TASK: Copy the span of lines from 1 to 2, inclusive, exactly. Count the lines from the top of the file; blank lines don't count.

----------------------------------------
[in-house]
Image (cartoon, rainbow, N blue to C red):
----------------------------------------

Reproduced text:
[in-house]
Image (cartoon, rainbow, N blue to C red):